Section 44, thankfully is long since history and Section 43 of the Terrorism Act only allows the police to stop you and seize your equipment if they have reasonable grounds to do so (and the act of simply making photographs is not reasonable enough grounds). If you’re not actually a terrorist, you should have nothing to worry about.
Photographing on the streets and the law in the UK - DIY Photography
 

editor

hiraethified
More here:

Police have been accused of abusing their powers by a professional photographer who was detained under anti-terror laws after he was seen taking pictures of Hove town hall on Thursday. Eddie Mitchell was held for about an hour while police checked his camera.

It was eventually decided that there was no reason to believe that the press photographer, who works for outlets including the BBC, was a terrorist.

“I respect wholeheartedly that the police have a job to do,” Mitchell said, “but there should be clarity on people taking pictures in a public place – it is not a crime … As far as I am concerned, it is a total misuse and abuse of power.”

Mitchell declined to explain who he was or what he was doing to a passing member of police staff on the grounds that he was not breaking any laws. Both he and Sussex police agreed that the conversation was not antagonistic.

After he followed an instruction to go to the police station to give a statement, two officers detained him under anti-terror laws. “The police didn’t want to back down and neither did I. I just wanted to stand my ground,” Mitchell said.

He was detained under section 43 of the Terrorism Act, which gives officers the power to stop and search anyone “he reasonably suspects to be a terrorist”. Sussex police confirmed that Mitchell was approached while taking the pictures and searched under the Terrorism Act because he refused to “provide information or identification”.

A statement read: “As a result of the search, which included the camera equipment he was using, it was established that his activity was not suspicious and he was allowed to leave.”

The chief superintendent of Sussex police, Lisa Bell, defended her officers, saying their actions were “completely appropriate when the threat level is at severe”. She added: “If the man had identified himself, then the matter could have been resolved in minutes.” Mitchell claimed his identity was established quickly from his BBC pass and a credit card.

Sussex police were unable to answer questions on what, specifically, about Mitchell’s actions had provoked a reasonable suspicion that he was a terrorist and under what powers a member of its civilian staff had demanded an explanation and a statement from him.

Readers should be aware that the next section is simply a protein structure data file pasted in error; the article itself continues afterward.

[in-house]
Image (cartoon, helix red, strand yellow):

Photographer held after taking pictures of Hove town hall
 

sim667

Licking windows on the 303 bus.
I'm after some advice really here.

Last saturday I was sitting down getting ready for a quiet night in, and get a panicked call...... there's a club night on and their photographer has blown them out. 6 hours work, 2 hours editing...... I said yeah sure, £150 inc expenses. Take it or leave it. They took it.

I went down, asked about what they wanted "just photos of performers and crowd shots"..... So I cracked on. I delivered the images but 4pm the next day, despite having not got home until 4 am.

I've delivered 77 decent quality images..... But I haven't been paid, and I've got a message today saying "aren't there any more photos?"

I haven't actually been paid yet, so if they're not happy with what I've provided, I'm willing to discuss why and what they're proposing to offer for payment instead. But I should say they can't upload any images for promotion until I'm paid, right?

Edit: oh hang on, I think there's been a problem..... she's already uploaded them, there's only a 3rd of them there.
 
Last edited:

editor

hiraethified
I'm after some advice really here.

Last saturday I was sitting down getting ready for a quiet night in, and get a panicked call...... there's a club night on and their photographer has blown them out. 6 hours work, 2 hours editing...... I said yeah sure, £150 inc expenses. Take it or leave it. They took it.

I went down, asked about what they wanted "just photos of performers and crowd shots"..... So I cracked on. I delivered the images but 4pm the next day, despite having not got home until 4 am.

I've delivered 77 decent quality images..... But I haven't been paid, and I've got a message today saying "aren't there any more photos?"

I haven't actually been paid yet, so if they're not happy with what I've provided, I'm willing to discuss why and what they're proposing to offer for payment instead. But I should say they can't upload any images for promotion until I'm paid, right?

Edit: oh hang on, I think there's been a problem..... she's already uploaded them, there's only a 3rd of them there.
*waits update...
 

sim667

Licking windows on the 303 bus.
*waits update...
I'd exported some as a lower res by mistake, so I've rectified that, and added about another 40 pics of people I hadn't put in originally because of all the gurn faces.

They're using the pics on social media, so I don't think they can really justify coming back to me and arguing about the price now. So lets see if they pay in the next 30 days as it says on the invoice.

Still my copyright, so if they don't pay they'll get a cease and desist from me, and then I'll take action to recoup my losses if not. I know in theory now they're on fb that she's granted the rights of ownership to fb, but I haven't give her express permission to upload them to fb either.

I'm trying to be cordial though as my company I run with freinds does a lot of work with them too.
 

Cid

嗯嗯
They can't grant rights to fb if they don't have them... Which I suppose depends on the terms of your invoice, but presumably is contingent on them actually fulfilling the contract.